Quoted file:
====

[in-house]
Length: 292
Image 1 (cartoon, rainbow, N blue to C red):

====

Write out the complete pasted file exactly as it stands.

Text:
[in-house]
Length: 292
Image 1 (cartoon, rainbow, N blue to C red):